I remember him well. He called himself Orphan Ab, or at least gladly accepted that moniker referring to his lack of familial linkage.

I remember him as always smiling, always in a celebratory mood. Not aware of his actual birthday, he frequently would enter one of the many small stores strewn up and down the highway of my youth, and loudly proclaim, “Today might just be my birthday! Drinks are on me!”

Now a store plum full of people at that time was generally less than half-a-dozen. At a dime a bottle, for soda was what was on the proffered menu, the cost was not extreme.

Rick Mansfield

For a kid whom had just ridden a bicycle the three miles to Carr’s or the four miles to Hamilton’s, it was a welcomed treat.

But I remember it was enjoyed by all. The idea of helping an older man, for Ab was well up in years, celebrate what many might have considered a tragedy was an attractive distraction.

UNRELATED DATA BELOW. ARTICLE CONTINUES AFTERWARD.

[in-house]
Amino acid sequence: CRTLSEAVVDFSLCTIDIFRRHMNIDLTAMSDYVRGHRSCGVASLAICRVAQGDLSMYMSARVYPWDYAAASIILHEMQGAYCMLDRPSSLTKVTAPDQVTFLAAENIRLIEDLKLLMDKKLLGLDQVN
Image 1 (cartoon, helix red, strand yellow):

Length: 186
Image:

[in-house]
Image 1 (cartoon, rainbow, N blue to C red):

Ab had come to the Ozarks courtesy of one of the many “orphan trains” that crossed the Midwest beginning in the late 1800’s and going into the 1920’s; this despite the fact that Missouri outlawed the practice in 1901.

Roughly ten at the time, he nor the “agents” accompanying the train were sure of the year, let alone the day of his birth.

Yet, by all reports, Ab had always been happy. Happy to have found a family, happy to have found work and all that meant. A roof over his head; three meals a day — at least two hot and served on a table.

He had gone on to do well, later having a farm and a family of his own. I just remember an old man eager to celebrate the chance that the day was the memorial of his birth and he was pleased to share in its enjoyment. And treat a neighbor kid to a free soda pop!

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